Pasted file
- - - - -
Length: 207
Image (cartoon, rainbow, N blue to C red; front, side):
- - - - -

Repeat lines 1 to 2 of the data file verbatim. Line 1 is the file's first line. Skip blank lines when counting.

Length: 207
Image (cartoon, rainbow, N blue to C red; front, side):